Q: Many of the recent articles about John McCain have described the late senator as “cantankerous,” which leads me to ask you where this odd-looking word comes from.
A: When the word first appeared in writing in the early 1700s, it was described as a term in the Kentish dialect spoken in southeast England. In the late 1700s, it was said to be a term in the Wiltshire dialect in southwest England.
The Oxford English Dictionary says the dialectal usage may have evolved from the Middle English contak or conteke (quarreling) and contekour or conteckour (a quarrelsome person)—perhaps influenced by a word like “rancorous.”
The OED defines “cantankerous” as “showing an ill-natured disposition; ill-conditioned and quarrelsome, perverse, cross-grained.”
The dictionary’s earliest citation is from An Alphabet of Kenticisms (1736), by the antiquarian Samuel Pegge: “Contancrous, peevish, perverse, prone to quarrelling.”
The next Oxford example is from She Stoops to Conquer, a 1773 comedy by Oliver Goldsmith: “There’s not a more bitter cantanckerous toad in all Christendom.”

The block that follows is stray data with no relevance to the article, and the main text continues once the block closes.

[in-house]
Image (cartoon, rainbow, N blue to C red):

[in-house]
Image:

This citation, which we’ve expanded, is from The Rivals, a 1775 comedy by Richard Brinsley Sheridan:
“But I hope, Mr. Faulkland, as there are three of us come on purpose for the game—you won’t be so cantanckerous as to spoil the party by sitting out.”
And in this entry from A Provincial Glossary: With a Collection of Local Proverbs, and Popular Superstitions (2nd ed., 1790), the lexicographer Francis Grose tracks the usage to Wiltshire: “Contankerous. Quarrelsome. Wilts.”
The first OED example with the modern spelling cites a March 24, 1842 letter by the English author Mary Russell Mitford addressed “To Miss Barrett, Wimpole Street”:
“I rather have a fancy for Mr. Roebuck, who is as cantankerous and humorous (in the old Shakesperian sense) as Cassius himself.” (From an 1870 collection of Mitford’s letters, edited by Alfred Guy Kingan L’Estrange.) John Arthur Roebuck was a British politician.